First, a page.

There is, of course, a limit to how far back you can 'roll-back' a particular document. This limit is based on the space available on the TM disk. If you only change a few documents, then the TM disk can keep lots of changes. If you are changing every document daily then the TM disk will fill more quickly.

    Another advantage of Time Machine is that it's easy and free. You may need a more sophisticated backup strategy, but starting with TM will cover at least 80% of your needs immediately.

    Having two disks is important. One of the disks needs to be stored safely away when not in use.

    You can set up Time Machine to take snapshots hourly, or only when you manually tell it to. It may be possible to have it do things automatically on a different schedule as well.

    Hope this helps, and hope it starts a good discussion with other people as well. The problem with just one person's advice is that unless they are a professional consultant, they will probably just recommend what they do. Which may not be applicable for your uses.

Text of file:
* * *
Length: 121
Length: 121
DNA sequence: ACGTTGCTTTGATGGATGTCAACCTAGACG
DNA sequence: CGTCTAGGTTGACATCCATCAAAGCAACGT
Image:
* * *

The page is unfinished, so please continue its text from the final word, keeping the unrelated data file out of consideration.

10. guitarteachjc thread starter macrumors newbie

    Joined:
    Dec 5, 2010
    #10
    Thanks for the input. I have lost files with TM and I am a little paranoid now. :eek:

    The SuperDuper is something I am going to check out for sure.
     
  11. snberk103 macrumors 603

    Joined:
    Oct 22, 2007
    Location:
    An Island in the Salish Sea
    #11
    I use SuperDuper, and have had no problems. My wife uses TM, and she hasn't had problems either. The big advantage, for me, of SuperDuper is the bootable backup disk. As it turns out, last month my Mac Pro went into the shop for servicing, so I booted my laptop off of the backup disk. The laptop wasn't powerful enough to do some of the heavy Photoshop work I do, but being able to just continue on with the other aspects of the business was wonderful. And I was able to delay the Photoshop work until the desktop system was returned.

    Everything worked as advertized, and the one question I had was answered by the developer within hours on a weekend.